Let's look at that rage-inducing tweet again. (Although I now find myself spiraling into an existential quandary as I act like an academic doing a close reading of cultural artifacts (aka tweets.) But there's no time for that. Back to the grind.)
Pay attention to the wording of Oven's tweet:
"If work-life balance to you means a lot of time spent not working, it's probably not a good fit right now."
Some people say work-life balance, others focus on work-life integration. The important reality is that more people have to define for themselves what they are and are not okay with. Reminding everyone that, as grown-ups, we get to decide what we do with our lives. What do we think work-life balance means? Because work-life balance could still include working 80+ hours a week. And that decision doesn't have to be an attack on anyone else's decision.
Many of the comments in the tweet are, in essence, saying things like, "Oh so you're saying that if I only want to work from 11 AM to 2 PM so that I can focus on becoming a certified scuba diver, then I don't deserve to work for you?"
Yes. That is specifically what they mean.
That doesn't mean you're a bad person. If anything, you're a more interesting person than me because I'm not a certified scuba diver. But a company like Oven is putting out into the world a belief they have: "we want to work hard to accomplish something that is worthwhile."
If that's not your bag? That's okay. We are each responsible for our own fulfillment.
Fulfillment For Who? And From Who?
Death bed regrets come up a lot when talking about the true purpose behind work. When people are approaching the end of their life they often point out their greatest regrets:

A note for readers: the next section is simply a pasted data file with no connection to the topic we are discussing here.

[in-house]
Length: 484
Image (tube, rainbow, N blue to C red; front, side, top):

"I wish I'd had the courage to live a life true to myself, not the life others expected of me."
"I wish I hadn't worked so hard."
"I wish I'd had the courage to express my feelings."
"I wish I had stayed in touch with my friends."
"I wish that I had let myself be happier."
I believe in all of this. I had my first kid when I was 24 years old because I believe life isn't meant to be lived for myself. I take immense satisfaction in watching my children grow. When I see my son captivated by a Lego set I feel a deeper sense of pride than I feel in most of my own accomplishments. I don't want my life to be defined by the number of emails I sent.
But life is about progress, not stasis. In the words of my Dad, "anything worth having is worth improving." When I've thought about my parenting philosophy I often think about this quote:
"Whatever you are, try to be a good one."
When I share that perspective I often get similar responses to the comments to the Oven tweet (though much softer). "But that puts a lot of burden on your kids, it’s so hard to be the best at something."
But back to our close reading; I didn't say be the best. "Try to be a good one."